A Season of Highlights: Part One



No one needs to tell you that this was a season of highlights.
One look at a photo of that beautiful silver Cup over Sid's head will tell you that.
Yes, there were the dark times.  We watched the Pens blow leads against the Rangers, be shut out by the Lightning and get trounced by the Maple Leafs.
But from the darkness came light.

Obviously the highlight of the entire season was watching the team pass the richest prize in sports above their heads.  We watched Sidney Crosby become the youngest captain to win a Stanley Cup, Evgeni Malkin become the first Russian on the Conn Smythe Trophy and Sergei Gonchar finally raise the holy grail above his head at the age of 35.
But, outside of that huge moment, the season was filled with individual highlights.  This is a team game, but each team is a collection of individual players.  Each one of them probably has a personal highlight from the season.
Today, we're going to guess what each of those highlights are.

Outside of winning the Stanley Cup, what was the best moment for each player that raised that trophy over his head?
These are our choices.

Now, we're taking our player list from the list posted on so, if we missed anyone, blame them, not us.




The captain.  The youngest player in NHL history to lead his team to a championship.
He was called a diver and a whiner, he played through chants of "Crosby Sucks," he dealt with people leaping on the Ovechkin bandwagon, he was constantly scrutinized by the media but, every single time his leadership or his ability was questioned, he delivered.
He walked into a bright orange Wachovia Center and silenced his most vocal critics.
He entered a bright red Verizon Center, stood toe-to-toe with his greatest rival, and came out victorious.
He limped out of game seven with a knee injury, but ended the season with the Cup above his head.

It was tough to pick just one highlight from Sidney Crosby's season.
We almost went with his breakaway goal in game seven against the Caps, but that game was already over when Sidney scored to make it 6-1 in the third.  Plus, it was against Jose Theodore.
Then we thought about Bing's hat trick against the Caps in game two, but went can't say that his greatest moment came in a loss.
So, instead we went with this:


Game four will be remembered for Jordan Staal's shorthanded goal that tied the game.  However, it was that goal by Crosby that gave the Penguins the lead.  Sid did a great job of following the play and getting himself open for Malkin's pass.  If the Penguins lose that game they go down 3-1 in the series and the Cup likely spends another cold summer in the D.  Instead Sidney gave his team the lead and the rest is history.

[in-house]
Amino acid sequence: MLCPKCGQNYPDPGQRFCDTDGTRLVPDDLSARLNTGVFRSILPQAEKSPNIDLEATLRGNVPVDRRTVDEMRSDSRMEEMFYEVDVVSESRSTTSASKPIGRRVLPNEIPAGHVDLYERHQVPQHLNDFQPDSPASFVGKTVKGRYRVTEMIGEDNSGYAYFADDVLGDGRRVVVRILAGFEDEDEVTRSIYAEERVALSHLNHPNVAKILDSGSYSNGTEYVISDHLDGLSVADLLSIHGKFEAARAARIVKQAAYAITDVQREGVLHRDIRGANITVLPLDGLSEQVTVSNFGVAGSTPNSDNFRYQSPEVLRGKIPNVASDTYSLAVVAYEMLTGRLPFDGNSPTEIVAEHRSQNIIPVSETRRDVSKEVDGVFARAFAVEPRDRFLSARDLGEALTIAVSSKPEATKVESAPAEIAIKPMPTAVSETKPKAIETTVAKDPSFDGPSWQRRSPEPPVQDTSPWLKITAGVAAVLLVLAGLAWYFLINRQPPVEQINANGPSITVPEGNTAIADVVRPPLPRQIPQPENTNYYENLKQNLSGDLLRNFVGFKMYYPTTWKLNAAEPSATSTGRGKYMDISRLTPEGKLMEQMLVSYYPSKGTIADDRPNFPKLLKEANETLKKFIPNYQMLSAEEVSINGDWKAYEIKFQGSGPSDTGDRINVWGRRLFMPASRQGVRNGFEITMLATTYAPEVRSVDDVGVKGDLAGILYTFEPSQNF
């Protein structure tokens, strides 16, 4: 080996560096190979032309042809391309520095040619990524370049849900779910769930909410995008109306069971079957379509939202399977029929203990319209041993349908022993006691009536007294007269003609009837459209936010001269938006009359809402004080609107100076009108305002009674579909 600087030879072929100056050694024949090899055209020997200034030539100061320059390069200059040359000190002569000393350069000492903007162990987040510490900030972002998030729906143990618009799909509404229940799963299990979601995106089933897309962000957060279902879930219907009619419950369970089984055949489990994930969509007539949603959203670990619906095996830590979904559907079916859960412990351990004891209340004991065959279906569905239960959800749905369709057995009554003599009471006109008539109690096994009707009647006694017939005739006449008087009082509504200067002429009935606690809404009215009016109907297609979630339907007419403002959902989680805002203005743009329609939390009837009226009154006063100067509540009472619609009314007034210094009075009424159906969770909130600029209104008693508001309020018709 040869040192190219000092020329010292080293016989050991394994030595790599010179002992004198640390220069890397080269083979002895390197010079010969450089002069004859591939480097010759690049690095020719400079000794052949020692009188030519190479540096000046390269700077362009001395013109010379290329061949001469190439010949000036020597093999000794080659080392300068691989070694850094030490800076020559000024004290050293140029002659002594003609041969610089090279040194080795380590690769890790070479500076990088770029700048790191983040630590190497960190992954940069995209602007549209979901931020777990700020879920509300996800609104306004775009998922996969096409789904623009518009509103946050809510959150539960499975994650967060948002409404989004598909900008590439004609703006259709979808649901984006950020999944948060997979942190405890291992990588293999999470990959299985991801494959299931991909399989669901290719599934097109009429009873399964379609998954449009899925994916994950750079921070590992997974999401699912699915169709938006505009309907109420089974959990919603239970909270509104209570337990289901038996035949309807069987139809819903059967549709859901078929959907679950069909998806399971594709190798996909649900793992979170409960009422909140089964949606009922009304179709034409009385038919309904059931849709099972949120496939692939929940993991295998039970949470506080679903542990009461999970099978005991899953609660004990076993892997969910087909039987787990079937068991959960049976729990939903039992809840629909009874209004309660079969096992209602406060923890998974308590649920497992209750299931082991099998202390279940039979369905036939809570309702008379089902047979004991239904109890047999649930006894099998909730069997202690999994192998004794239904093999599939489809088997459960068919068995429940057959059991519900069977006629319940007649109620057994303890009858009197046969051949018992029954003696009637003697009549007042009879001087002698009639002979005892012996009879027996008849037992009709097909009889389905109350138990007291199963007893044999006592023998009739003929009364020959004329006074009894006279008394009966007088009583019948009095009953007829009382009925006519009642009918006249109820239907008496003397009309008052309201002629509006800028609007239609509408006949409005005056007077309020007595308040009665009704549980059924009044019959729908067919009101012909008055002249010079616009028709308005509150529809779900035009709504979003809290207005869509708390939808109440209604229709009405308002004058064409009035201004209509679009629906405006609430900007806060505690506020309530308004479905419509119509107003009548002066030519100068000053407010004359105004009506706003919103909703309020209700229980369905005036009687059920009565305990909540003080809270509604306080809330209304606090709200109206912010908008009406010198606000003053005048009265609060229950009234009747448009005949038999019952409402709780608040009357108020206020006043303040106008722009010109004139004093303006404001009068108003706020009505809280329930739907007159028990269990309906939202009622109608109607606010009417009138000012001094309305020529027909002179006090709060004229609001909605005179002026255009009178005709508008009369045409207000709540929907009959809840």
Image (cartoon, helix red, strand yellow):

He went from playing on the last place Islanders to winning the Stanley Cup in the course of one season.
This was definitely his highlight:


His second goal of the game was a huge one.  It helped the Penguins win game two in overtime and gave his team a 2-0 series lead against the Philadelphia Flyers.  It was the kind of goal that Bill Guerin was brought here to score.  On the power play Guerin, at the side of the net, grabbed the puck and jammed it past the goaltender from the doorstep.



Gonchar had a rough season. He was injured in the preseason and played only 25 regular season games.  He then got hit knee-on-knee by Alexander Ovechkin during the second round.
Gonchar returned to the team and was a stabilizing force on the blue line.  His impact was most felt on the power play and it was with the man advantage that Gonchar scored this goal:


That third period goal gave the Penguins the lead and their first win of the Stanley Cup Final.



Miroslav Satan was left for dead at the trade deadline.
But, instead of complaining about his demotion, breaking his contract and leaving the team, he reported to Wilkes-Barre/Scranton.  He played well enough to be called up for the playoff run.  He outperformed anyone's expectations during the postseason.